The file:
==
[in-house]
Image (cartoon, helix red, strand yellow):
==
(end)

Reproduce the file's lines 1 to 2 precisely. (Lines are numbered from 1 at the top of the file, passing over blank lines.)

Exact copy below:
[in-house]
Image (cartoon, helix red, strand yellow):